Partially Observable Markov Decision Processes offer a rich mathematical framework for decision-making under uncertainty. In recent years, a number of methods have been developed to optimize the choice of action, given a parametric model of the domain. In many applications, however, this model must be learned using a finite set of trajectories. When this data proves difficult or expensive to collect, it is often the case that the resulting model is poorly or imprecisely defined.
In this talk, I will present two recent results on the topic of decision-making under model uncertainty. In the first half, I will describe a method for estimating the bias and variance of the value function in terms of the statistics of the empirical transition and observation model. Such error terms can be used to meaningfully compare the value of different policies. In the second half, I will present a bayesian approach designed to simultaneously improve the model and select good actions. Performance of the two methods will be illustrated using problems drawn from the fields of robotics and medical treatment design.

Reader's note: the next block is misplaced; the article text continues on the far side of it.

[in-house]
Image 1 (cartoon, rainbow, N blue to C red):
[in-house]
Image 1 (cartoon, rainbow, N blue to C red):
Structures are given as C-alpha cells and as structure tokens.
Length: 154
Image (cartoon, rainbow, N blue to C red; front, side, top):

Venue, Date, and Time
Venue: Newell Simon Hall 1507
Date: Monday, Oct 20, 2008
Time: 12:00 noon